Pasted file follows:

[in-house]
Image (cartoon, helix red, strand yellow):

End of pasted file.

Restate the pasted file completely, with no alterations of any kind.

[in-house]
Image (cartoon, helix red, strand yellow):